President of the Ghana National Chamber of Commerce and Industry (GNCCI), Clement Osei-Amoako, says government should consider providing a stimulus package for local businesses involved in the African Continental Free Trade Area (AfCFTA).
According to him, the commencement of the AfCFTA means Ghanaian businesses will now have to compete with businesses from other African countries who might have access to credit facilities at lower rates than are currently being offered in the country.
In a media interview, Mr. Osei-Amoako, also noted that a provision of the stimulus package will ensure an enabling business environment which is critical for private sector competitiveness.
“What we seek to do is that, we always look at market opportunities to avail ourselves to it and see where we can reap whatever is there. So, most of the things that we do, hitherto, were just business meetings in other countries to just look for buyers. But with a market of 1.2 billion, there is a lot of potentials.”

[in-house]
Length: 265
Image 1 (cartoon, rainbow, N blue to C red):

“So, we need knowledge of the market as to what is going on. Now, we are talking about cost of funds. This is important, but we still need to be competitive that is why we are asking the government to look at giving us some form of stimulus packages to help us,” he said.
The African Continental Free Trade Area, AfCFTA, which commenced on January 1, 2021, consolidates a market of 1.2 billion people and a combined GDP of $2.5 trillion. Because of the agreement, Africa’s manufacturing output is expected to double to $1 trillion, creating 14 million jobs by 2025.
The AfCFTA agreement primarily requires members to remove 90 per cent tariffs from goods, allowing free access to commodities, goods, and services across the continent.
According to McKinsey & Company, a US-based management consulting firm, with the right transport infrastructure and high integration, manufacturers of consumer goods could earn up to $326 billion dollars per year.
The World Bank also estimates that this agreement will create the largest free trade area in the world measured by the number of countries participating.